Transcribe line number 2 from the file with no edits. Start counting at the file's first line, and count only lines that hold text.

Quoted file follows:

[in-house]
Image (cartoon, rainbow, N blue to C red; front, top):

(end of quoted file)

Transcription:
Image (cartoon, rainbow, N blue to C red; front, top):